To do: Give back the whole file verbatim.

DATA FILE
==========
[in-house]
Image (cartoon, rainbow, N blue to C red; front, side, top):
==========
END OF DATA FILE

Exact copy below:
[in-house]
Image (cartoon, rainbow, N blue to C red; front, side, top):